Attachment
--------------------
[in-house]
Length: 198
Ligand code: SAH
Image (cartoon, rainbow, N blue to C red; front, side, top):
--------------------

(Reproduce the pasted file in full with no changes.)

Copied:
[in-house]
Length: 198
Ligand code: SAH
Image (cartoon, rainbow, N blue to C red; front, side, top):